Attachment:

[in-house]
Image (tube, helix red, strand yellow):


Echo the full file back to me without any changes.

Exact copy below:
[in-house]
Image (tube, helix red, strand yellow):